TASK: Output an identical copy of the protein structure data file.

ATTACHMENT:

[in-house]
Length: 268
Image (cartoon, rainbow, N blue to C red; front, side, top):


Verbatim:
[in-house]
Length: 268
Image (cartoon, rainbow, N blue to C red; front, side, top):